Leslie, here are some photos from Christmas, since you asked:



Chouette gets a duck for Christmas - and promptly demolishes it!



You can see that no one likes Chouette in THIS household!



And lastly, a little reading material for those down times...

Leslie
 

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ChasP505 said:
Ozzie is learning some choice Italian swear words.

He also now knows "get the paper" on Sunday mornings. The massive Sunday paper is still too big for him to carry but he knows his job is to find the paper in our driveway. I keep a small rolled up newspaper section with a rubber band around it for training purposes. As I carry in the big Sunday paper, Ozzie happily carries the training newspaper.
That's great Chas, we had a lab who used to get the paper every day - dh taught her to go out to paper box, she'd pull it out (always came in bag), then pick it up and run in the house with it. We lived on a deadend street with only 5 houses so no traffic issues for Brandy going to end of driveway, it was her favorite thing to do
 

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There is a chapter in The Complete Idiots Guide to Dog Tricks that talks about teaching your puppy the names of toys and how to fetch a certain when you ask for it by name. I've been using this book for some other training and tricks and so far it's been working but I haven't tried the naming yet. good luck!
 

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Discussion Starter #14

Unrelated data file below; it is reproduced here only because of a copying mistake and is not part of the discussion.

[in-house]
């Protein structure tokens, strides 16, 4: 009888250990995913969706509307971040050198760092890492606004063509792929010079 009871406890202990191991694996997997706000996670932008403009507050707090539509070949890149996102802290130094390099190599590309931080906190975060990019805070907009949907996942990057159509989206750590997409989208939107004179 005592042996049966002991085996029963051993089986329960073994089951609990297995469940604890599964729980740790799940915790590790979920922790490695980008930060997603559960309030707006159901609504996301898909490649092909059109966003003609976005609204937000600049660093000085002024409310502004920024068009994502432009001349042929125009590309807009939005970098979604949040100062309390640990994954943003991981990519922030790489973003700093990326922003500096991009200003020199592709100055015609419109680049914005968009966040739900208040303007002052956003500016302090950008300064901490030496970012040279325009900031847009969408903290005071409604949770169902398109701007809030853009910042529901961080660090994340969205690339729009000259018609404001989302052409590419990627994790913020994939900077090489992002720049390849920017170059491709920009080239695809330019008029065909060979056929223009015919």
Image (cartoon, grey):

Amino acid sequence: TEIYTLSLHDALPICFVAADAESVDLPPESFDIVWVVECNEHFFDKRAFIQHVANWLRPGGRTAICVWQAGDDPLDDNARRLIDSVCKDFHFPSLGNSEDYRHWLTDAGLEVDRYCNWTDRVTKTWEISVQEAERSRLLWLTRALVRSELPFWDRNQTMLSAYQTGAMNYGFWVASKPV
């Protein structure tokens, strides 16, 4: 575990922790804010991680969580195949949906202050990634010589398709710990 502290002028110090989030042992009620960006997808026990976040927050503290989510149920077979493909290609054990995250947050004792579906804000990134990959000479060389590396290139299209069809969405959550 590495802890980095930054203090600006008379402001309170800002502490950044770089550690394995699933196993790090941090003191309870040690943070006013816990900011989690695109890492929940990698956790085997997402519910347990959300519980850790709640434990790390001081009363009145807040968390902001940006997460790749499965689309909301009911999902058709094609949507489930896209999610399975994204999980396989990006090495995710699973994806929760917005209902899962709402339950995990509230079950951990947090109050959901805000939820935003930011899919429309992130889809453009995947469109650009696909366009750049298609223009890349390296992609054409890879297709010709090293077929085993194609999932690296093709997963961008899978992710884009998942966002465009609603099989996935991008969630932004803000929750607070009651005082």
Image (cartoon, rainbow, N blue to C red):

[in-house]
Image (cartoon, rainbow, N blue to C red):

doodleallday said:
There is a chapter in The Complete Idiots Guide to Dog Tricks that talks about teaching your puppy the names of toys and how to fetch a certain when you ask for it by name. I've been using this book for some other training and tricks and so far it's been working but I haven't tried the naming yet. good luck!
Yep, that's the sort of thing I mean. She's not especially good at that. It is getting so if I tell her to bring her bone or frisbee, or whatever she's been playing with, with her when we go in or out a door she'll comply, though. And today we were running errands with the car; she hops up front into DH's or my seat while she's waiting for us, but when we return I can tell her to get in the back and she does. I just tried that today. DH is wa-a-ay impressed! So she seems to understand a lot of language, but so far isn't good at fetching a specific toy, I guess.

Leslie
 

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i feel at times Max understands sentences MORE than he does individual words if this makes sense to anyone.
though he does know some words other than commands/training etc
one in particular is HUSH :wink: and tiptoe/whisper

and i would think we can teach them individual words via repetition
 

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Very definitely my old Irish Setter
understood complicated sentences.
Coco does, too. She just decides which she
intends to respond to.
Abby, well....she is smart and obedient,
but she is a puzzle to me sometimes.
I don't know what she really knows and she isn't
as quick about responding as Coco is
and she is much slower to even notice things than Coco.
Abby is in la-la land a lot of the tme.
I don't think it is just age either....Coco has always been
super focused on everything at once and very, very smart.
Abby is just more laid back and if she does notice something
~she just doesn't jump up hyper to respond....maybe